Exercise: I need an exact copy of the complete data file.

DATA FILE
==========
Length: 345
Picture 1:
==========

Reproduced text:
Length: 345
Picture 1: